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Guest post- Visiting And Visitors During The Holidays With Children: Blogmas Day 4

The holiday season is upon us! This time of year usually calls for visiting others and having others visit you. Before having a child, I didn’t think twice about going to friends’ and families’ homes. Not much thought was given to having guests over to visit me. Now that I have a baby, visiting and having visitors over takes a bit more planning. Here are some tips for making it work!

Implement health & safety rules for everyone

We are still in a pandemic. It is important that no matter where we go or who we visit, we keep everyone as safe as possible. The World Health Organization is an excellent resource to help you establish and maintain safety measures. Don’t forget about colds, coughs, and the flu. Keep hands washed especially before interacting with little ones. Stay home or ask others to stay home if you’re sick.

Give yourself enough time to leave

If there’s one thing I have learned from having my daughter is it often takes a lot longer to leave than what I anticipate. Despite my best intentions, children require more time. Babies may be fussy. Diapers may need to be changed. You forgot the diaper bag and have to turn around. Family and friends want one more hug or picture with your little one. If you want to arrive on time or leave in a timely manner give yourself a cushion of time to do so.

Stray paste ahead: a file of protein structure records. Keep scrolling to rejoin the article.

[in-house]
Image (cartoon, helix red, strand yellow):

Don’t over pack

On my daughter’s first trip to see my parents, I over packed. In hindsight I did not need fifteen outfits, thirty pacifiers, and an embarrassing amount of toys. Pack only what you need for only how long you’re visiting. If you’re not staying overnight pack just the diaper bag essentials. When staying at a hotel, call and ask if they provide a crib or pack n play. Planning to frequently visit family or friends? Consider asking if you can leave things you all need at their home such as clothes, hygiene products, or even a stroller, car seat, and pack n’ play. The less you have to carry around, the better.

Create visiting guidelines

Visitation guidelines help establish expectations and boundaries when people visit. I found my guidelines especially helpful directly after giving birth. Create visiting hours. Make sure you give others advance notice before visiting. If you don’t want people to bring treats for your children let it be known. Whatever your guidelines are, write them down and let others know before they come to visit.

Do what you can if it’s what you want

You don’t have to host the holiday party if you don’t want to. If you can afford to splurge on a friend’s baby and want to show them some extra holiday love do it! But if you don’t want to, even if you can, why should you? Holidays are not meant to make you stressed or overworked because you’re trying to spend what you don’t have, or wishing you were by yourself. You can say no if you want. You do what you can if it’s what you want. 

Happy Holidays!

Mom With No Plan

Mom With No Plan is a first-time mommy who didn’t realize she was pregnant until two days before giving birth to her daughter. When she’s not juggling her newfound journey of motherhood, she’s blogging about it. She enjoys a daily cup of coffee, an occasional glass of wine, and spending time with her family.


    • I don’t have kids and I’m always struggling with trying not to overpack for myself so I just know the struggle is real trying not to with kids lol

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